The tree stands on a mound at the top of the hill.
From this vantage point it has views out across the fields and down towards the lonely row of houses that make up the village.
Up there it’s possible to see everything. There’s nothing that goes unobserved.
It’s form, silhouetted against a backdrop of light and sky, is the first thing I see each morning when I turn from sleep and gaze through the window.
It floats there in the light, suspended. Separate from the soil that roots it to that spot.
“Good morning” I say to it, although I’m not sure why.
The day Dan grew ill, I was up on the hill with the dogs, just walking. That was when I saw what had happened.
One of the low hanging branches had been snapped off and a ragged stump lay exposed to the air, a clear liquid oozing from it that was tacky to the touch, like the pus from a wound that stays damp and will not heal. It smelled green.
The sight of it was enough to cause my heart to thump in my ears and my breath to quicken.
All I could think was “Who’d be stupid enough to do such a thing?”
It seemed unbelievable.
There’s a lore around these parts which keeps a tree like this safe.
Touch it or harm it in any way, or so they say, and you’ll suffer the consequences.
So when I saw that damaged branch, all ripped and ragged like that, it made me shudder and sent me flying down the hill. The dogs, sensing my panic, howled and charged ahead of me the whites of their eyes glinting with contagious fear.
When I stumbled through the door, I made Sarah jump and cry out.
“Jesus Mickey! What you bursting into the place like that for? Scared the life out of me, so you did.”
She was standing by the fireplace and had been getting a fire ready when I bounded into the room and made her jump. Crumpled paper lay scattered on the floor at her feet where she’d dropped it in her fright.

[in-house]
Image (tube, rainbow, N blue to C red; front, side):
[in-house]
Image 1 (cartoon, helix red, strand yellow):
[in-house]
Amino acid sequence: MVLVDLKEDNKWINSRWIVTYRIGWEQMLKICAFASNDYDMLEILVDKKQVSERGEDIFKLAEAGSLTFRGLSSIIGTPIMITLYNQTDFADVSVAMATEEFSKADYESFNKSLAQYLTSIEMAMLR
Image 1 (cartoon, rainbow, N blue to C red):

As she busied herself picking it up, I caught sight of Dan.
He was sitting by the fireplace in the big chair, a blanket covering his knees his head propped up with a cushion and his eyes were boring into me.
That was when I knew. He was the one that had snapped the branch.
Somewhere in the background I heard Sarah muttering away at me asking what it was that would have me rushing in like that, but I said nothing.
I just stood, transfixed by the sight of Dan.
I didn’t need to ask if what I had guessed was true. He held my gaze and nodded gently, then closed his eyes and proceeded to sleep, a calm, certain smile on his face.
Already his skin had a strange, pale greeness to it. Like the green in an apple when you cut it open. The green between the white of the flesh and the waxy layer of peel. An imperceptible green.
Even when Sarah lit the fire I could smell it, that green. A smell of snapped bark and resin.
In the days to come, it seemed to fill the room and I understood what it was. Understood where it came from and what it meant.
As the days passed it grew more pungent and Dan grew more calm.
“I think I should go fetch the doctor” Sarah worried.
But Dan refused.
“Just let me be. There’s nothing he can do.”
So we let him be.
Each day I’d climb the hill and examine the branch. It continued to ooze, the resin failing to harden. And the more it secreted, the weaker Dan became, until there was nothing more to give.
Sarah found him one morning cold and still, a calm smile on his face and the smell of green now gone from the house.
Up on the hill the resin had already started to harden over the wound.